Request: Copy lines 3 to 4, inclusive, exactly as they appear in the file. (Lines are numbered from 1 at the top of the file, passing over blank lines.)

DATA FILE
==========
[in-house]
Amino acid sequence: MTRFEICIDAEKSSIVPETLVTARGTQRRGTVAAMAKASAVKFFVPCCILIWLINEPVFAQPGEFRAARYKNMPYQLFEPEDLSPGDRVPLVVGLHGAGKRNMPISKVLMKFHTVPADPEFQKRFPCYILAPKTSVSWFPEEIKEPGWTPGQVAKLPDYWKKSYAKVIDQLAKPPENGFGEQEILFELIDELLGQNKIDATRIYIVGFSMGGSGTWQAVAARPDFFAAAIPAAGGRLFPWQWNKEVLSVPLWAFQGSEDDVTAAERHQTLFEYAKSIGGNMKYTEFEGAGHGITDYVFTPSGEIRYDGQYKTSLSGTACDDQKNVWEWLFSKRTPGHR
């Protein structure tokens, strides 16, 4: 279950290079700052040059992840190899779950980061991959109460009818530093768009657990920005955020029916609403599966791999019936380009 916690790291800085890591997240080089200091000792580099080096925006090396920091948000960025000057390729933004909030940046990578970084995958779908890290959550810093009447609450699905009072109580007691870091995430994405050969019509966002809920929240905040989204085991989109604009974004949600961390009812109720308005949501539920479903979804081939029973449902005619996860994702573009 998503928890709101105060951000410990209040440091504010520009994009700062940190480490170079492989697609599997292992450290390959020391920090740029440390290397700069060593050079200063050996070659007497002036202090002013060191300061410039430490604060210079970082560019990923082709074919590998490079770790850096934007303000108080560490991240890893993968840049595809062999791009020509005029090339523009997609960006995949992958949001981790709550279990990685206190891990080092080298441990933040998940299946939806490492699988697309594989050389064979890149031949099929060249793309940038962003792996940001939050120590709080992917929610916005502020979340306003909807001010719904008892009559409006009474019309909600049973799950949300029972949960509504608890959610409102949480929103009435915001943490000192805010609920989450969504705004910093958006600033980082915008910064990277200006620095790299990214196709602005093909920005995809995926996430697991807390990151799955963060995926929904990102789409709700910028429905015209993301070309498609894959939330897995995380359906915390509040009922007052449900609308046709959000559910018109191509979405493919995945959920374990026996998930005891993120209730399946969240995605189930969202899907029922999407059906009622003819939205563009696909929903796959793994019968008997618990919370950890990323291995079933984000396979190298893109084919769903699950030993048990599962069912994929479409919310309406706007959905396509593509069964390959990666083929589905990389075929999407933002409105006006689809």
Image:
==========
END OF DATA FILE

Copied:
């Protein structure tokens, strides 16, 4: 279950290079700052040059992840190899779950980061991959109460009818530093768009657990920005955020029916609403599966791999019936380009 916690790291800085890591997240080089200091000792580099080096925006090396920091948000960025000057390729933004909030940046990578970084995958779908890290959550810093009447609450699905009072109580007691870091995430994405050969019509966002809920929240905040989204085991989109604009974004949600961390009812109720308005949501539920479903979804081939029973449902005619996860994702573009 998503928890709101105060951000410990209040440091504010520009994009700062940190480490170079492989697609599997292992450290390959020391920090740029440390290397700069060593050079200063050996070659007497002036202090002013060191300061410039430490604060210079970082560019990923082709074919590998490079770790850096934007303000108080560490991240890893993968840049595809062999791009020509005029090339523009997609960006995949992958949001981790709550279990990685206190891990080092080298441990933040998940299946939806490492699988697309594989050389064979890149031949099929060249793309940038962003792996940001939050120590709080992917929610916005502020979340306003909807001010719904008892009559409006009474019309909600049973799950949300029972949960509504608890959610409102949480929103009435915001943490000192805010609920989450969504705004910093958006600033980082915008910064990277200006620095790299990214196709602005093909920005995809995926996430697991807390990151799955963060995926929904990102789409709700910028429905015209993301070309498609894959939330897995995380359906915390509040009922007052449900609308046709959000559910018109191509979405493919995945959920374990026996998930005891993120209730399946969240995605189930969202899907029922999407059906009622003819939205563009696909929903796959793994019968008997618990919370950890990323291995079933984000396979190298893109084919769903699950030993048990599962069912994929479409919310309406706007959905396509593509069964390959990666083929589905990389075929999407933002409105006006689809």
Image: